adidas has just announced its latest concept shoe, the Stan Mylo Smith “Unleather” sneaker comprised of a unique leather substitute: mushrooms. While the brand is no stranger to vegan leather, this expedition into the wide world of fungus comes from its push towards a fully sustainable shoe in the near future. Because the thing nobody ever tells you about “vegan leather”? It’s just plastic. So this venture in mycelial merchandising may prove a major step forward in eco-friendly manufacturing for all, not just the iconic sneaker brand.
Stan Smith Mylo: the mushroom shoe
The newest in the Stan Smith line, “Mylo” perhaps borrowing from the mycelium at the shoes foundation, is attempting to bring a new level of sustainable manufacturing to global stage. But mushroom leather as a concept comes not from the futuristic lab techs behind the sneaker giant, but a startup known as Bolt Threads, who originally intended to sell Unleather handbags out of Portland.
The Unleather starts out as a massive tray of frothy white mycelium, or mushroom root, grown similarly to the Baby Bellas you’d find in any supermarket. This “bag of smashed marshmallows” then undergoes an illusive processing, before it’s tanned and dyed to feel like real leather, which astoundingly, it does. Best of all, the leftover production waste is then composted. Proper compost can be used to plant new life, or feed necessary gardeners like worms and insects. Cue the “Circle of Life” music from Lion King.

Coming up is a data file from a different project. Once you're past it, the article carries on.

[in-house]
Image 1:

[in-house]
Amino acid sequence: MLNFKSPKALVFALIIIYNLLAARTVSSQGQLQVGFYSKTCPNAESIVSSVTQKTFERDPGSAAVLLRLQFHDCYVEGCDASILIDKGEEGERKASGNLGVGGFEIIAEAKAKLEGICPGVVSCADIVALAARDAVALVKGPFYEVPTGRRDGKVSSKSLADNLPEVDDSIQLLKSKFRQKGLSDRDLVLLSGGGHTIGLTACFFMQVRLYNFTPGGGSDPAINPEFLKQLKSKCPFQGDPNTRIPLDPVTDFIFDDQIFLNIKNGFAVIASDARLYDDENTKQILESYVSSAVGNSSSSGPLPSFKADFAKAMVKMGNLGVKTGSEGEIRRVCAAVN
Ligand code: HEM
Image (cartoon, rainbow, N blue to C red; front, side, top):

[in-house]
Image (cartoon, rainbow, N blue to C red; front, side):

The shoe itself features the revolutionary Unleather on its uppers, stripes, branding, and heel. At the moment, the integration is largely cosmetic. However, the brand is still pushing for use of sustainable base materials, like the natural rubber insole, even if its a little less sci-fi than the accents.
Pricing and availability
As of right now, the Stan Smith Mylo is only a concept, but we’re expected to see some viable proof of the fashion forward foot fungus, (say that three times fast,) in the near future. As for pricing, we could look to earlier Stan Smith models such as a the totally recyclable PRIMGREEN at around $80, (but on sale at Amazon for $68.) But being part of a newer generation and possible a newer species of sneaker, we could expect prices to fall between $150 and $200.
Sustainability is a complicated task that’s being lofted by a number of brands who aren’t quite ready for the consequences. Holistically, adidas is taking a stride forward in its push for totally sustainable materials in all of its shoes, but it may fall flat in other areas. If you want an in-depth dissection of whether to consider a brand “sustainable” or “ethical”, there are a few key places to look.
The first being if its manufacturing is ecologically sustainable, of which adidas does a fair job. Between recycling ocean waste and its new Unleather shoes, the brand is inching toward a considerably smaller footprint. And second, are its products humanely sustainable?
Overall, I’m excited for the mushroom shoes. It’s a wonderful innovation that can sever our dependency on technically “vegan” plastic, and it warms my heart in a geeky little science way. But in terms of sustainability, adidas and many, many other popular brands are perhaps still seeing the forest for the trees.
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